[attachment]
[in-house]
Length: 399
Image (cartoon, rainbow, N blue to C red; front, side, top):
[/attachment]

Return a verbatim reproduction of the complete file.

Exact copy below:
[in-house]
Length: 399
Image (cartoon, rainbow, N blue to C red; front, side, top):